Psychosocial Interventions for Parents with Incurable End-Stage Cancer: A Rapid Evidence Assessment

Vera Steiner, Aron Shlonsky, Lynette Joubert

Research output: Contribution to journalReview ArticleResearchpeer-review

8 Citations (Scopus)


Objective: Parenting is a primary concern for patients with minor children facing palliative-stage cancer, yet psychosocial support addressing parenting concerns during end-stage cancer is not routinely provided in the healthcare setting. The purpose of this review is to: (a) identify evaluation studies describing psychosocial interventions for parents with incurable end-stage cancer; and (b) review the effectiveness evidence. Method: This review was based on a rapid evidence assessment using transparent and comprehensive search terms and narrative synthesis. Inclusion criteria were broad and consisted of qualitative, quantitative, and mixed method studies that focused on psychosocial interventions for parents with advanced cancer. Results: Four studies were identified, but only one of these reported results specific to parents with end-stage cancer. A child-centred and family-focused approach was central to all program interventions. All programs encompassed a structured format with the majority being dedicated to providing both individual and family sessions. The studies varied in methodological quality and all used small, non-representative samples limiting the generalisability of the findings. There were no high quality quantitative studies that specifically address outcomes for this parent group and few qualitative studies that detail parents’ intervention experience. Conclusions: The findings suggest that targeted, child-centred, family-focused psychosocial interventions are sometimes used to support adult patients with parenting during end-stage cancer. These purport to promote child-parent communication and to contribute to parent psychosocial wellbeing. Further research using larger parent populations from diverse sociodemographic backgrounds is required. More importantly, comparative effectiveness studies are needed that test the timing, delivery, and content of these interventions.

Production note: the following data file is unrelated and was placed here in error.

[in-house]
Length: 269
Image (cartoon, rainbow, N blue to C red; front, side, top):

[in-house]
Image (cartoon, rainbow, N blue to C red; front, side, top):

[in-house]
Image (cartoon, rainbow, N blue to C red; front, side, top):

Original languageEnglish
Pages (from-to)381-391
Number of pages11
JournalAustralian Psychologist
Issue number5
Publication statusPublished - Oct 2017


  • advanced cancer
  • palliative care
  • parental cancer
  • parenting
  • psychosocial intervention

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